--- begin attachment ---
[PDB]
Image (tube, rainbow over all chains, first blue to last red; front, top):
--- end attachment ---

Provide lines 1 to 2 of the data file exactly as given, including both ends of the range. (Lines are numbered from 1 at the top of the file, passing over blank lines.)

[PDB]
Image (tube, rainbow over all chains, first blue to last red; front, top):